• Leveraged Buyout (LBO): A strategy where a company is acquired using a significant amount of borrowed money to meet the cost of acquisition. 

  • Exit Strategy: The way a private equity firm plans to sell its investment for a profit. This could be through a sale to another company, an initial public offering (IPO), or a recapitalization. 

  • Portfolio Company: A company that a private equity firm has invested in and holds in its portfolio. 

  • Carried Interest: The share of profits that the private equity fund manager takes as compensation. 

  • Limited Partners (LPs): Investors in a private equity fund. 

  • General Partners (GPs): The private equity firm that manages the fund. 

  • Capital Commitment: The amount of money an investor agrees to invest in a private equity fund. 

  • Capital Call/Distribution: A capital call is when a private equity fund calls on its investors to contribute a portion of their capital commitment to a new investment. A distribution is when profits from an investment are returned to the investors.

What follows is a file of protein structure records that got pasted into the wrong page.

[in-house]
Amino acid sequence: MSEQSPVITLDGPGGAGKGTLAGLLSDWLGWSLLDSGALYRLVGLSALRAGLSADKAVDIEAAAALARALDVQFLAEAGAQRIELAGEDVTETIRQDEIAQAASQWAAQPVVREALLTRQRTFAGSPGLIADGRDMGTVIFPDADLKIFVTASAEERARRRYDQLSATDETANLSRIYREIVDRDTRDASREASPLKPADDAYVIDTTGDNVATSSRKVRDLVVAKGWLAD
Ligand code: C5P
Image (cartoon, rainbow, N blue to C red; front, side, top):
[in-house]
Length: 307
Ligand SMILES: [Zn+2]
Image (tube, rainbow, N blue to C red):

• Internal Rate of Return (IRR): A metric used in capital budgeting to estimate the profitability of potential investments. It is the annual return earned on an investment, adjusted for time value of money. 

  • Net Asset Value (NAV): The net value of an entity and is calculated as total assets minus intangible assets (patents, goodwill) and liabilities. 

  • Vintage Year: The year in which the first influx of investment capital is delivered to a project or investment. 

  • Due Diligence: A comprehensive appraisal of a business or investment opportunity to establish its assets and liabilities and evaluate its commercial potential. 

  • EBITDA (Earnings Before Interest, Tax, Depreciation, and Amortization): A measure of a company's operating performance. Essentially, it's a way to evaluate a company's performance without having to factor in financing decisions, accounting decisions, or tax environments. 

  • Management Fee: A fee paid by the limited partners to the general partners to pay for the fund’s ongoing operations. It’s typically around 1-2% of the committed capital. 

(1)Source: Bain Global Private Equity Report 2024. Analysis based on S&P Capital IQ data as of December 2022; most recent data from Statistics of US Businesses (2017) used to triangulate S&P Capital IQ estimates for privately held company counts by revenue band